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  1. #1
    ipounder is offline Member
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    Default using an instance across classes

    Hi everyone!

    suppose I have two static classes: main class, aux class and a myobject class

    myobject Class:

    public class myobject {

    public String Name;
    public int Size, Status

    public myobject() {
    // Constructor

    Size = 1;
    Name = "Ball";
    Status = 1;
    }

    }


    Then I have something in the middle of my Main class

    .....

    myobject puck = new myobject();
    puck.Name = "Puck";
    puck.Size = 2;
    ....


    Then somewhere down the road I call a method in my aux class

    aux.BreakObject(puck);


    Then I need in the aux class, a defined method that will effectively do this:L

    public void BreakObject(){

    main.puck.Status = 0;

    }


    ---

    I know the above doesn't work. What can I do to make the object I've created in one class, usable (and changeable) in another?

    Thanks.

    I.P.

  2. #2
    Norm's Avatar
    Norm is online now Moderator
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    Default

    Java Code:
    aux.BreakObject(puck);  // pass a reference to myobject to the aux class
    Here you are passing a reference to myobject in puck to the aux class. You should save that reference
    Java Code:
    myobject puckR = puck;  // save passed reference to myobject
    so that you can use it later:
    Java Code:
    puckR.Status = 0;   // get myobject's Status field by using the saved puck reference
    Since you have the reference to the myobject object, you don't need to worry about a reference to main.

  3. #3
    pbrockway2 is offline Moderator
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    Default

    First you should be using standard Java code conventions: start variables and methods with a lowercase letter and classes with an uppercase one. So, MyObject, name, size, breakObject etc.

    What can I do to make the object I've created in one class, usable (and changeable) in another?
    To reference an object at all (what I think you mean by having it "usable") you must have a reference to it. And you get this reference by passing it as an argument to the method that wants to use the object. (Alternatively you might pass the reference to the constructor of the class defining the method or to some other method which assigns the reference to a variable so that the method could, once again, get at it.)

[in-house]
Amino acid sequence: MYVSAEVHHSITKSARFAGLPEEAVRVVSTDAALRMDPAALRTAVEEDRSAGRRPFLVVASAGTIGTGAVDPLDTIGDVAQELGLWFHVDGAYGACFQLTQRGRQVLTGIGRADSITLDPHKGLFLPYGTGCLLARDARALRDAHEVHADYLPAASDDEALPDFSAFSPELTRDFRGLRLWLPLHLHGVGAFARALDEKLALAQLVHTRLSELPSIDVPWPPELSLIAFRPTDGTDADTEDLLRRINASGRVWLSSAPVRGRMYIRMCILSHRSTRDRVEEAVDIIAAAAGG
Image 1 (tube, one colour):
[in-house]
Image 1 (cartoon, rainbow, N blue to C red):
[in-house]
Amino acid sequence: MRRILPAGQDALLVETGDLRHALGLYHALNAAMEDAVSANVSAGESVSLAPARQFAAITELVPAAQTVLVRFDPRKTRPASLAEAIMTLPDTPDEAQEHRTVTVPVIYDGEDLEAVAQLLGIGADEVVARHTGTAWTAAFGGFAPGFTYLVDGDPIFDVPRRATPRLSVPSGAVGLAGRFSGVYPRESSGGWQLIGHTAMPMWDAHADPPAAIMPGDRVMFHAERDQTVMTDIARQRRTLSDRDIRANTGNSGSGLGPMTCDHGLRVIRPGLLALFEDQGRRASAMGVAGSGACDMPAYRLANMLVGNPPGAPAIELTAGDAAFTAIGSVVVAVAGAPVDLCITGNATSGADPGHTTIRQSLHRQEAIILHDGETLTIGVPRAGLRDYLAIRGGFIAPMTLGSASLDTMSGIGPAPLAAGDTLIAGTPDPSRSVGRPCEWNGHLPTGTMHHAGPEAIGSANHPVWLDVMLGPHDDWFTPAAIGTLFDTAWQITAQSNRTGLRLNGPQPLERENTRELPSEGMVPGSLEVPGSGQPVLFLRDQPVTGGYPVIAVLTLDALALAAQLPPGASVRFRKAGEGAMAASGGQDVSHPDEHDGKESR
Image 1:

If you want to alter the state of an object (=="make it changeable") the most straight forward thing to do is to have the class defining the type of that object define a method that makes the appropriate change. You can have something like status public, but it might end up being far easier to have a MyObject declare a setStatus() method.

    Java Code:
    public void breakObject(MyObject obj) {
        obj.setStatus(0);
    }

  4. #4
    DarrylBurke's Avatar
    DarrylBurke is offline Member
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    From your misuse of terminology ('static classes'? really?), total lack of encapsulation (public fields) and the question you asked, I can see you require far more inputs than can be reasonably imparted in a forum thread. Here's a good learning resource for Java: The Java™ Tutorials

    Here are two more useful links for getting targeted help in a forum:
    How To Ask Questions The Smart Way
    SSCCE : Java Glossary

    db

  5. #5
    ipounder is offline Member
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    Default

    Quote Originally Posted by Norm View Post
    Java Code:
    aux.BreakObject(puck);  // pass a reference to myobject to the aux class
    Here you are passing a reference to myobject in puck to the aux class. You should save that reference
    Java Code:
    myobject puckR = puck;  // save passed reference to myobject
    so that you can use it later:
    Java Code:
    puckR.Status = 0;   // get myobject's Status field by using the saved puck reference
    Since you have the reference to the myobject object, you don't need to worry about a reference to main.
    Thanks!

    This is exactly what I was missing!!!!

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